Successful Creative Problem Solving Comes Only through One Thing.
The inspiration for this article on creative problem solving came to me whilst I was walking my dog.
In the time I allot each week for my research, I’d re-watched a TED Talk by Adam Grant on procrastination. He’d presented some research that found that both those who procrastinate until the last minute and those that do a task straightaway are much less creative than what he calls the ‘moderate procrastinators’.
These are those that don’t immediately get onto a task, but let it brew in the background – intentionally or not. You actually see a nice bell curve in creativity on the axis between the extremes of hyper-procrastinator and immediate performer. The person that is good at creative problem solving is right in the middle.
This got me thinking and analysing my own creativity and problem-solving. And, as I do every day, I put my jacket on, put my dog on a lead, and – as I am lucky enough to live in the Lake District – went into the wood by my house for a walk.
These days, the business world is all a little obsessed with efficiency. We want to see results. We want everything we do to contribute to x or y project, or take us a tangible step closer to x or y goal. And we value our days by how productive they are, every minute we filled, rather than by the quality of the output we created.
But, as we’ve discussed before in my article on stress-free productivity, we have a little more on our plate these days in terms of distraction too. The sheer amount of input our brains have to deal with is huge. Social Media, email, texts, phone calls and bosses, colleagues all distract our brains from the task at hand.
Meanwhile, our culture seems to apotheosise, above all, the super-efficient Boss Badass, to give this figure a name. He or she gets up at 5am, goes for a run and does fifty press ups before breakfast. He reads a book and a half over his coffee. And he starts a twelve-hour work day in which every minute is scheduled, every decision is right on, every task completed with a clinical precision and efficiency, and projects and ideas considered with flares of creative genius.
Whilst, yes, I exaggerate, I don’t think I do so much. This is what people often believe successful CEOs to be – and what they believe they themselves should be achieving. Any rest or ’empty space’ is misconceived as laziness.
But, whilst I too have found many ‘life hacks’ and productivity exercises to be incredibly helpful in increasing my efficiency, I haven’t attempted to completely fill my day with more.
The aim of productivity is to do more in less time – and to give me more freedom for myself.
The Need for Space.
In a culture dominated by this mindset of efficiency, it’s no wonder that we find in some areas a natural drift toward its opposite. Meditation has become seriously in vogue, alongside similar trends like yoga and mindfulness. I wonder whether this is a response to a cultural emphasis on productivity, as if people are seeking an antidote to the demands of endless work and efficiency.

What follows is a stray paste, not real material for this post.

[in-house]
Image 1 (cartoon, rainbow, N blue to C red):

I’ve found, rather, that the secrets to solving problems well – the secrets to creativity – lie in creating the space in your schedule to think!
People need to clear tasks and create downtime to have any chance of being creative. As Grant’s results say, we need that moment of ‘procrastination’ to allow for creativity. If you gave an artist a deadline to create a masterpiece, would it be a masterpiece?
Just as we expect artists and musicians to have time and space for reflection and creative thinking, business people need it too. David Allen refers to it as ‘creative mess’, a time allowed between beginning a task and completing it. Sometimes this can be spread over a number of days or months! We have to process an awful lot of data, subtle interpersonal cues, and all the details of a project; we need to digest this properly and churn it around in our head, before we can know the right thing to do.
This simply isn’t possible in the moment. In a world of one hour meetings, where you have to leave with clear objectives – does this allow for this ‘creative churning’ on a problem to ensure you reach the best outcome? I don’t think so. What if meetings on a problem were spread over three days with the decision due at the end of the third day. Do you think the outcome would be better?
If you are working at all hours, your mind doesn’t have the bandwidth to be creative. Equally, if you have a deadline, it is the process of creative problem solving that suffers. I think the focus is on completing the task rather than, more importantly, creating the best outcome from the work.